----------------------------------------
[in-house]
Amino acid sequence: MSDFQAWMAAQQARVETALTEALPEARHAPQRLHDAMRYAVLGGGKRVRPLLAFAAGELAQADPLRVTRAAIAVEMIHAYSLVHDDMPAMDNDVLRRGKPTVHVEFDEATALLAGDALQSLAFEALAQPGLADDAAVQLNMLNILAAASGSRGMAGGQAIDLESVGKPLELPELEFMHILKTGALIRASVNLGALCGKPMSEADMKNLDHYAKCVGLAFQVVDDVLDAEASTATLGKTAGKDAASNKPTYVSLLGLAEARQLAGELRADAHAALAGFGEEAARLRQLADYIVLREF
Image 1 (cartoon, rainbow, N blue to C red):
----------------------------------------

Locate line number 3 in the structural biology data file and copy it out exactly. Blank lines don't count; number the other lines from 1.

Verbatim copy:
Image 1 (cartoon, rainbow, N blue to C red):